I feel almost stunned. What comes next in the adventure?

Safety

Today I told L that I need 3 more sessions, and then I will finish therapy. Suddenly I feel as if I have agreed to go skydiving, and the plane is flying higher and higher. I remember that feeling in my stomach: “What am I doing? What have I agreed to?” and the gasp of my breath as I jumped out of the plane, tandem skydive instructor attached to my back. But skydiving was one of the best things I have ever done, so: time to leap out into the wide open air, and fall.

When I hugged L goodbye today, I didn’t want to let go. I just wanted to lay my head on her shoulder forever, and to just breathe. When I am close to her I feel so safe. My feeling of security with her is something that I have never really felt in my life, except with M. I realised as I stood close to her, that even the smell of her skin is safety to me. My mother was a heavy smoker for my entire childhood, and when she hugged me I always felt a sense of unease, a desire to escape, a push-pull feeling of needing comfort from her, and not feeling comforted by being close to her. She often smelled like cigarettes, a harsh and somehow painful smell, and it permeated everything: her clothes, her hair, her breath. I didn’t like it, it made me feel sick.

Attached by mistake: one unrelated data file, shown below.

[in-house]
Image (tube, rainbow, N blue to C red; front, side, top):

With L, I feel safe in her gaze, in her presence, in her arms. I feel so strange when I realise that I feel safer with her than I ever did with any parent. I know that it is one of the many gifts of therapy and her work, but it is also more than that. How can it be so physical, how can I feel so safe with her body, when I never felt that with my own mother, whose body I grew within? It astounds me, the difference.

What does it mean, to begin to walk away from that safety?